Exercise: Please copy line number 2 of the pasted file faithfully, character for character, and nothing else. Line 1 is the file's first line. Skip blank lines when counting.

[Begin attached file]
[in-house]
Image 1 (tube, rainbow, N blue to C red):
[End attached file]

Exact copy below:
Image 1 (tube, rainbow, N blue to C red):